So that’s one example of how food can meet your six needs, but obviously there are many possibilities. Hopefully you should now understand enough to figure out how food is meeting your needs, which is then causing you to be overweight. It might be a good idea to first put the six needs in order of importance to you personally, paying particular attention to the top two, which will help you understand more about why you are more willing to eat unhealthily and be overweight than eat properly and be slim.

I know what you’re thinking though. You want to know what to do with this information once you’ve taken the trouble to figure it all out.

Well we all meet our needs by using what are called vehicles, in this case food, but examples of even more destructive vehicles are alcohol, drugs, or even eating disorders. I’ve already said how being overweight can meet a need for significance, but being anorexic can have the same effect, as well as meeting a need for love/connection from concerned friends and relatives.

So what could be an alternative, more positive, vehicle to meet your needs than food?

How about exercise? At the moment this might be very unlikely as your needs and the gym probably look something like this…

Certainty that it will avoid pain and cause pleasure. No chance. It’s hard work, painful in every sense of the word and the only pleasure is walking through the exit.

Uncertainty/Varity. Again this isn’t going to be the case. Where’s the variety in pounding away on a treadmill for hours staring at a blank wall, or picking up weights to put them down again?

Significance. Being a red-faced, sweaty blob amongst a gym full of fitness fanatics might cause you to feel unique, but not in a way that’s going to satisfy any need for importance.

Love/Connection. Love from a modern version of a torture chamber where everyone is talking about the latest exercise techniques that might as well be in a foreign language for all the sense it makes to you? Unlikely.

Growth. Surrounded by all those fit, tanned bodies you’ll grow to hate yours even more and feel like even more of a loser. No thanks.

Contribution. How can you contribute to something you don’t know anything about and don’t enjoy?

No one would be meeting any needs with that view of exercise. But just by seeing things a little differently, and more positively, exercise could meet enough of your needs at a high enough level that it replaces food. Obviously you’d still eat, but it would be as a source of fuel to keep your body at its best instead of a way to gain pleasure. It might sound impossible but plenty of people have made the change, and some of them loved food and hated exercise a lot more than you!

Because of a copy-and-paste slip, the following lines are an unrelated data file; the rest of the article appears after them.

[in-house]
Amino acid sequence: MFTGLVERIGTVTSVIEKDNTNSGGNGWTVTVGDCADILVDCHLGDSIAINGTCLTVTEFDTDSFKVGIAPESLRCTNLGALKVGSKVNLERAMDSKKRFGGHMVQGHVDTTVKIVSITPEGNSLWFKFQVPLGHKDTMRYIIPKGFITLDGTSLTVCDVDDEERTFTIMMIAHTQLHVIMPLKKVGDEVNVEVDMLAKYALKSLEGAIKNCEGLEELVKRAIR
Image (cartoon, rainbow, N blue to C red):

Certainty. Although the actual process of exercise may not be guaranteed to cause pleasure in the moment, immediately afterwards there is an endorphin high along with a definite sense of pride and achievement at having completed another workout. Not to mention the good done to maintaining an attractive body that is fit and healthy.

Uncertainty/Variety. To someone who has done little or no exercise it can appear very repetitive and boring, but there are literally hundreds of different exercises that can be done in many different ways. Changing a workout regularly, whether this every couple of months, every couple of weeks or even every day, can provide limitless variety.

Significance. Just as being very overweight can cause you to stand out, so can being in good shape. By this I don’t mean thin because you hardly eat, I mean being slim, toned, and vibrant. Imagine how it would feel to have people envy your body and wish they had the motivation and determination to achieve the same result.

Love/Connection. Whether you already have a slim, toned body or are seriously overweight and out of shape, there will be someone in the gym at the same stage as you. You might not find love (though who knows!) but you will find like-minded people who share your goals that you can connect with.

Growth. This doesn’t just apply to muscles, it also applies to learning new exercise knowledge and skills that will also benefit your mind. Even if it’s too late to become a professional athlete, you might discover a talent or natural understanding of exercise that you never knew you had.

Contribution. Once you connect with others at the gym, which you will, you can then begin to contribute to their goals by motivating them, telling them what has or hasn’t worked for you in the past, or just inspiring them with your own story of how you went from fat to fit. You might even decide to write your own diet and fitness book!

Can you see how having a different view of the same activity can change your entire opinion of it? And how this could then meet your needs in a way that means food no longer has to be the vehicle?

But it doesn’t have to be exercise that replaces it. Any vehicle that is positive will work and you can have more than one. Exercise might meet your need for contribution, your spouse might meet your need for love/connection, your career might meet your need for significance, and so on. The more ways you have to meet each need the better.

As long as it’s positive and replaces food as a source of meeting your needs, it’s going to help make the process of losing weight easier.

Source by David Hields